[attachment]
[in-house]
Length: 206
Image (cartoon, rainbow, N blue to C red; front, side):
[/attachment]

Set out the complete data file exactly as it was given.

[in-house]
Length: 206
Image (cartoon, rainbow, N blue to C red; front, side):